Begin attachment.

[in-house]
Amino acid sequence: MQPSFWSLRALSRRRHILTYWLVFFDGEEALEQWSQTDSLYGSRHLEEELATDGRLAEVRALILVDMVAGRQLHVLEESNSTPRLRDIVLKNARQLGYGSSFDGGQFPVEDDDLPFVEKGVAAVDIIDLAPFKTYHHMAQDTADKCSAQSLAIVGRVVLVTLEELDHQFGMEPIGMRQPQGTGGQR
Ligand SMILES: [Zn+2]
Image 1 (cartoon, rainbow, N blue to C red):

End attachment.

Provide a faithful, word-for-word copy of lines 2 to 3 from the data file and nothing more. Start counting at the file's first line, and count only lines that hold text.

Amino acid sequence: MQPSFWSLRALSRRRHILTYWLVFFDGEEALEQWSQTDSLYGSRHLEEELATDGRLAEVRALILVDMVAGRQLHVLEESNSTPRLRDIVLKNARQLGYGSSFDGGQFPVEDDDLPFVEKGVAAVDIIDLAPFKTYHHMAQDTADKCSAQSLAIVGRVVLVTLEELDHQFGMEPIGMRQPQGTGGQR
Ligand SMILES: [Zn+2]